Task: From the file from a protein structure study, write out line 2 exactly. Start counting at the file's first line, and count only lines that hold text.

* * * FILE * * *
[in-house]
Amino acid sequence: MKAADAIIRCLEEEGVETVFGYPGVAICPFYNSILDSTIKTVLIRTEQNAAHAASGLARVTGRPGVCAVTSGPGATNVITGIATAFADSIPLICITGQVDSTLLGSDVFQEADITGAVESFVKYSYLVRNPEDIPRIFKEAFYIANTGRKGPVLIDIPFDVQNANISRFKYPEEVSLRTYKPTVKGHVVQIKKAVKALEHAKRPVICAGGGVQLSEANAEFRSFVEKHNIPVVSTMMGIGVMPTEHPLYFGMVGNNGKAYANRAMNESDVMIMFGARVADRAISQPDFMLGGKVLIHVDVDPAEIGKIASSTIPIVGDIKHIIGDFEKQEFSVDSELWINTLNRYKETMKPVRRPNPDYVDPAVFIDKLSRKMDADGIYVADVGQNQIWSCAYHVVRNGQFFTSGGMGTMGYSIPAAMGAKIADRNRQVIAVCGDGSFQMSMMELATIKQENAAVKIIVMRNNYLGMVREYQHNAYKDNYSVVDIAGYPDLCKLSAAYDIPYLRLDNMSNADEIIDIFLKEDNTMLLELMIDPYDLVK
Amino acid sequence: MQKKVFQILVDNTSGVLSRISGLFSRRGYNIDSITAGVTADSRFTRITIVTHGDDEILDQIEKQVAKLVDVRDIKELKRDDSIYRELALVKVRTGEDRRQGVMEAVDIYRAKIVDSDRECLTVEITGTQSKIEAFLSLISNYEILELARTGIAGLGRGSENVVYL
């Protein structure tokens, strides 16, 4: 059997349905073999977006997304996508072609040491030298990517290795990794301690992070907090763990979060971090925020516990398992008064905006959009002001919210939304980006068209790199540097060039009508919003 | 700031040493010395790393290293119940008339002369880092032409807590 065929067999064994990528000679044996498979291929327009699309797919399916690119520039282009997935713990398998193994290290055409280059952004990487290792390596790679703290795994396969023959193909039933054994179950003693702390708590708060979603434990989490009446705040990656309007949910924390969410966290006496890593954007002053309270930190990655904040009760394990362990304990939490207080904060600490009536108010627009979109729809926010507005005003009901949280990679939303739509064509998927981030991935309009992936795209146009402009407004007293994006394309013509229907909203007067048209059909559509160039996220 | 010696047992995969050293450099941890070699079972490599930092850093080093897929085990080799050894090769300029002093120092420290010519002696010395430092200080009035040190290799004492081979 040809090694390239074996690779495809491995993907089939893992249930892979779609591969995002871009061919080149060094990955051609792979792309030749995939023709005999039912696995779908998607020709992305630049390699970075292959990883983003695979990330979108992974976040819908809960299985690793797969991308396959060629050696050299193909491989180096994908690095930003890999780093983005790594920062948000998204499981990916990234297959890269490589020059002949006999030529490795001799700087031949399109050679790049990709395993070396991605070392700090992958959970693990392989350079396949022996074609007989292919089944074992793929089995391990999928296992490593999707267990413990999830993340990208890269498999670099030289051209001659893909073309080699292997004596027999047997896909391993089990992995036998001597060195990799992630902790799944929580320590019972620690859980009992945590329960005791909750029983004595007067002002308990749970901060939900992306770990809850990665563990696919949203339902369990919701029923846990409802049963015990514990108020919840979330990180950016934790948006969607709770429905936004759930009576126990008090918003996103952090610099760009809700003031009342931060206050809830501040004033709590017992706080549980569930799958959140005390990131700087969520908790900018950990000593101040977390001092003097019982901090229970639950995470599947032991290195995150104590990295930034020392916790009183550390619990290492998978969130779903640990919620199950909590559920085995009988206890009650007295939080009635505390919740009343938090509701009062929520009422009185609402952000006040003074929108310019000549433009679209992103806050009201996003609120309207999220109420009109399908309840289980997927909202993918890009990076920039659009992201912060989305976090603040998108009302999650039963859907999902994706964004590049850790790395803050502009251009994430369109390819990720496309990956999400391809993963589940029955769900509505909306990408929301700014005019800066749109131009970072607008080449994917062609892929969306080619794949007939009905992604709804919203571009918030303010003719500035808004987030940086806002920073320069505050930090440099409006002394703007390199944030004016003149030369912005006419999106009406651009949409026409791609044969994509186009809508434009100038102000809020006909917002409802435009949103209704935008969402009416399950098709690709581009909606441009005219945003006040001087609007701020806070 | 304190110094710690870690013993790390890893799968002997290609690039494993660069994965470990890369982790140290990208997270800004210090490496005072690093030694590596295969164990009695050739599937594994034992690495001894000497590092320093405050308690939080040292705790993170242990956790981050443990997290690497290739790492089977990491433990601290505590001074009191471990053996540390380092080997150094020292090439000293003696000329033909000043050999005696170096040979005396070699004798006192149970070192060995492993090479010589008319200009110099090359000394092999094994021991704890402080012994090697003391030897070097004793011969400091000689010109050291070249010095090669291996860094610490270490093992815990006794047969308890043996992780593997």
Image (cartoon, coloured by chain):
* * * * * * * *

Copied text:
Amino acid sequence: MKAADAIIRCLEEEGVETVFGYPGVAICPFYNSILDSTIKTVLIRTEQNAAHAASGLARVTGRPGVCAVTSGPGATNVITGIATAFADSIPLICITGQVDSTLLGSDVFQEADITGAVESFVKYSYLVRNPEDIPRIFKEAFYIANTGRKGPVLIDIPFDVQNANISRFKYPEEVSLRTYKPTVKGHVVQIKKAVKALEHAKRPVICAGGGVQLSEANAEFRSFVEKHNIPVVSTMMGIGVMPTEHPLYFGMVGNNGKAYANRAMNESDVMIMFGARVADRAISQPDFMLGGKVLIHVDVDPAEIGKIASSTIPIVGDIKHIIGDFEKQEFSVDSELWINTLNRYKETMKPVRRPNPDYVDPAVFIDKLSRKMDADGIYVADVGQNQIWSCAYHVVRNGQFFTSGGMGTMGYSIPAAMGAKIADRNRQVIAVCGDGSFQMSMMELATIKQENAAVKIIVMRNNYLGMVREYQHNAYKDNYSVVDIAGYPDLCKLSAAYDIPYLRLDNMSNADEIIDIFLKEDNTMLLELMIDPYDLVK